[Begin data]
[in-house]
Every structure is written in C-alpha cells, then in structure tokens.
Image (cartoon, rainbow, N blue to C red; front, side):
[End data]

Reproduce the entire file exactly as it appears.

[in-house]
Every structure is written in C-alpha cells, then in structure tokens.
Image (cartoon, rainbow, N blue to C red; front, side):